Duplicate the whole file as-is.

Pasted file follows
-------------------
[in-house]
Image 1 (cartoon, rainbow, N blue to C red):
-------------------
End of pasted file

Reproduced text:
[in-house]
Image 1 (cartoon, rainbow, N blue to C red):